Looking at this for the first time, it all seems a bit overwhelming. However, after breaking it down, you will see that while you have to be precise with it, Step Functions are fairly easy to read. (Writing them is still a PITA, but that is just what it is) When you get down to it, the Step Function configuration file only contains 3 sections: ‘Comment‘, ‘StartsAt‘, and ‘States‘. That is it.

Let us take a quick look at the the first two mentioned above, Comment and StartsAt. The former of these is just a comment so you know what the purpose of the Step Function is. On the other hand, you could use this for whatever comment you like. Then, there is StartsAt. StartsAt, actually links to a State. And the States section is what contains all the real meat of the Step Function. The value that is used for StartsAt is the name of one of the States.

States

States are where everything really happens when it comes to Step Functions. They are the individual units that when strung together, make the magic happen. When you look at it from this perspective, it sounds ridiculously easy. But, just like everything else, the devil is in the details. The key to understanding States is to know what the various components that make up a State, and the type of states that are available.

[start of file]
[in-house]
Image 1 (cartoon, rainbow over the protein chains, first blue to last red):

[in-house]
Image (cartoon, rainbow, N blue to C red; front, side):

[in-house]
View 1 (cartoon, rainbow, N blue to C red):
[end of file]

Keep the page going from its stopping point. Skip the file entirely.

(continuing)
Since this is an introduction, and based off of my code here, I am not going to go through all the options. However, there are docs from Amazon on it. The think about it is, it is not simple. Based on the docs, the only required field is Type. Great, but what are the various types? How do I link them together to make a cohesive whole? What are these other options and how do I pass variables from one section to the next and use them over and over again in a loop? This information is available, but it is scatter all over the documentation and you have to piecemeal it all together to figure out what is available.

What are the State types?

  • Pass – used to take input and pass to output. Basically, used to debug step functions, so you know what the heck is happening between States.
  • Task – this is where the work gets done. It can be a Lambda function or any other supported service. This will take your input and from there provide output to another State to be consumed